Stop laying at What Age?

Domestic_goddess

Songster
10 Years
Mar 26, 2009
1,747
24
173
Utah
Generally it's about 3 years and then they start to slow down.....but I've heard that some can still lay even into 7 years or older.
Could this be a slow time because of winter or a molt?
 

6chickens in St. Charles

Songster
10 Years
Mar 25, 2009
1,533
42
181
St. Charles, IL
Yes, it seems slow for everybody in our coop. Lots of feathers around, too. She's been exhibiting rooster behaviors all her life, too. Even though she's been the broody one who hatched our 2 chicks, we HAVE watched her lay eggs, so we know she's a hen, she sometimes does the rooster dance, she sometimes crows and she sometimes chest butts our rooster. DH says maybe she's hormonally off.
 

Domestic_goddess

Songster
10 Years
Mar 26, 2009
1,747
24
173
Utah
Sounds like they are molting!...and she's probably the dominant female in the flock as well and that's why you see that kind of behaviour.
 

warren

Songster
12 Years
Sep 29, 2007
320
2
139
UK
My 4.5 year old hen died today. She laid 56 eggs last year. They were very large eggs. They seem to get bigger as the hen ages.
 

6chickens in St. Charles

Songster
10 Years
Mar 25, 2009
1,533
42
181
St. Charles, IL
Quote:
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I am sorry for your loss. I hope everybody else is ok!
 

Bo Garrett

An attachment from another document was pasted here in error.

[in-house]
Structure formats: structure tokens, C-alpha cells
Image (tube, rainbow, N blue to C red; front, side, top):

Crowing
12 Years
Feb 19, 2009
538
251
258
I have a flock of about 200 large cochins (several varieties) with two 9 year old hens, 6 eight year old hens and another 12 or so over 7 years old and all are laying. When I originally got into large cochins years ago they didn't have very long life spans (3 years max) but now I have, with good management and selection, increased that by several years. They have long productive lives and I have shipped them all over the U.S. for others to enjoy.
Always seek birds from breeders who take seriously point number one in the Historical Introduction of the American Poultry Association's Standard of Perfection which states, "1. That in each breed, the most useful type should be made Standard type."
Birds that don't breed naturally, lay well or represent their standard description should be avoided. Many breeders are guilty of bigger or smaller is better thinking but if you hold to the standard you'll have the proper size, type and quality which leads to healthier, more vigorous birds that in turn will be longer lived.

Bo
 

teach1rusl

Love My Chickens
10 Years
Jul 28, 2009
10,017
175
356
Floyds Knobs, Indiana
My Coop
My Coop
Quote:
Wow...that is great that they're laying at those ages!
warren - sorry about your girl...an older girl, and she was still providing you and egg a week. Sounds like a faithful girl there
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Sorry you lost her.
 

6chickens in St. Charles

Songster
10 Years
Mar 25, 2009
1,533
42
181
St. Charles, IL
Quote:
Well, then my unstandard little bird is perfect for me! We like her for her company, her rat-fink personality, her "woooop wooop wip"ing at us. If she stops laying eggs that will be fine. She is not as beautiful as other rosecomb bantams I've seen in pictures, in fact I got her from a kid at a show, all he knew was "her granddad was the grand champion crower at the state fair", and maybe she's not so beautiful because she eats junk half the time instead of the nice purina feed she's given, not being raised by showbird quality people. So, thank you for the standard of perfection information. I am hardly a perfect person, she is a fine little imperfect pet for me.
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MANNA-PRO

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